During analysis, whether a purchase of a 3D printer is worthwhile or not, the following topics must should be considered, among many others too:
- What technology/material do you need?
- Which 3D printer is suitable and how big is the investment?
- What are the operating costs?
- How quickly and professionally is the support-service of a printer in case of a problem during printing you cannot solve by your own?
- Do you need the full capacity the considered 3D printer could produce? I.e., do you need a large number of components of a single technology? Or do you need different technologies and materials?
- How many parts must be printed until you achieve the return on investment?
- How long does it take for an employee of your company to become familiar with the technology and produce usable components in the quality needed?
- How fast is the technology developing? I.e., will a printer with significantly higher efficiency be sold on the market in just a few months?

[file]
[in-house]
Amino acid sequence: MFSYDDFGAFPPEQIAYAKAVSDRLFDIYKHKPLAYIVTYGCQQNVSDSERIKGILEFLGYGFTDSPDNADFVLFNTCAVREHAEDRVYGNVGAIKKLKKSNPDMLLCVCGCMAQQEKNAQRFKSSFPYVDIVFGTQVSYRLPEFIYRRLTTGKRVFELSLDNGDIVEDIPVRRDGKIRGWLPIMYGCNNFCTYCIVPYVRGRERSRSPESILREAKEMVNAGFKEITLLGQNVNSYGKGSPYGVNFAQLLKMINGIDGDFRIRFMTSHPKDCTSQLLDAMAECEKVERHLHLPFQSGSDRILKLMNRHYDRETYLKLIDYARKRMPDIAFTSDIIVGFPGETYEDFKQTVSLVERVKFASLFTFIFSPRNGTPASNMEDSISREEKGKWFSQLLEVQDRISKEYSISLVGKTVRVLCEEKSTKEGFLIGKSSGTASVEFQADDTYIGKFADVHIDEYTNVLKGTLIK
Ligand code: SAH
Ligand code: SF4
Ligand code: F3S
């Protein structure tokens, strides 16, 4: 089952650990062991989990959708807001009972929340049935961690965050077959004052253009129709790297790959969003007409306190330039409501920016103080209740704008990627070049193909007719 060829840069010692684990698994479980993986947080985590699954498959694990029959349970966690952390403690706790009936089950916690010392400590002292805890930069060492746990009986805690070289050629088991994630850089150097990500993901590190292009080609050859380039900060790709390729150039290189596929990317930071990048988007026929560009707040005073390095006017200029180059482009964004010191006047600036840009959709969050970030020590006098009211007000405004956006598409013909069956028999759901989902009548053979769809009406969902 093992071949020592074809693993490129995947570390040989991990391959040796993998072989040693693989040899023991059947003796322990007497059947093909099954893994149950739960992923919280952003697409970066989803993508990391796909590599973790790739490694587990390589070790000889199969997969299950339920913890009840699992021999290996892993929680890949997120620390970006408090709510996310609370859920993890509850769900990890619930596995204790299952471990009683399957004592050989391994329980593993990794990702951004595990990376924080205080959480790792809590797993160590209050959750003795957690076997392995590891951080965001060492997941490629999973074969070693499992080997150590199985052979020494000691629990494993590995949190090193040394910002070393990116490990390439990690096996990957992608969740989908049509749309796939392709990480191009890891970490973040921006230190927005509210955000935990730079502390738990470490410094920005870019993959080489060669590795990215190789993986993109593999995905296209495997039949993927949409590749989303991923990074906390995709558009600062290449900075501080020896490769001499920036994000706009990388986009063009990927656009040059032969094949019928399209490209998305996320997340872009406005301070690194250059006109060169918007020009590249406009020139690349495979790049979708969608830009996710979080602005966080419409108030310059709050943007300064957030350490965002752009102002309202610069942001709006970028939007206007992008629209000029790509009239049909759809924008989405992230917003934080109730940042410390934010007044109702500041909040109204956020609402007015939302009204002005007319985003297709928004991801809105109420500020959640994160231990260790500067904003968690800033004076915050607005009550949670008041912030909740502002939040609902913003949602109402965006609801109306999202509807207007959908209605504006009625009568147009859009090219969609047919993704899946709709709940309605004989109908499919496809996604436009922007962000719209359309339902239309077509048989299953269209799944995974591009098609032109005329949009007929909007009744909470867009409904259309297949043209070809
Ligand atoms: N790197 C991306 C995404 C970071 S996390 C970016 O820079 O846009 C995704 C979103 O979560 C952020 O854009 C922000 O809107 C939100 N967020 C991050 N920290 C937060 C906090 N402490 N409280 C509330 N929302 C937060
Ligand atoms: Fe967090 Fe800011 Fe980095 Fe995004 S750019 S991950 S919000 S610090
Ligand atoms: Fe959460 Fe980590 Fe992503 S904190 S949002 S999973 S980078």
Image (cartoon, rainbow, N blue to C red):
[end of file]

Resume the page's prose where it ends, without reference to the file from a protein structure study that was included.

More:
Such an analysis will often show - especially for smaller or medium-sized companies - that the investment is very high, and it needs some time, until usable parts can be printed. An advantage of manufacturing in-house is that parts are available immediately after printing, and you will build up knowledge about the whole process.
A disadvantage is the limitation in terms of materials that can be printed on one printer. There is also the high risk that the technology will become obsolete before the investment has paid off. With a new technology developing at breakneck speed, this is an important aspect that should not be ignored.